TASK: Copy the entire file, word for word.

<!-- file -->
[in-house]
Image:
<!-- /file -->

[in-house]
Image: